A suitable procedure for implementation by a generator 104 to generate a driver-code file 206 is as follows.

    • (a) Check for a valid target-platform and write a target code to the driver-code file 206;
    • (b) Check for a valid database management system(s) by looking for a DBMS statement in the DSA section 406 of the source file 204 before writing the relevant code(s) and associated connection string(s) to the driver-code file 206.
    • (c) Pass through the source file 204 and build a unique reference for each segment; and
    • (d) Build reference tables for all database tables specified in the DSA section 406 and all items in the lexicon section.

The source file 204 can then be processed sequentially by the generator 104, and within the host-platform boundaries, to generate the driver-code file 206 for each segment in the source file 204.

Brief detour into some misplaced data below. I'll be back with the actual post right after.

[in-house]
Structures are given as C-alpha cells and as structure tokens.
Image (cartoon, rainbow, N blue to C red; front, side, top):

For each user interface segment 602, the user interface generated for execution at run-time can be inferred by the specification format ‘drawn’ in text.

Generally, the run-time user interface will assume the appearance defaults of the host environment (for example, Microsoft's PocketPC and Windows XP), however, these can be varied by allowing more detail in the specification document 202, setting a separate set of defaults for the generator 104 and/or making adjustments during a later phase.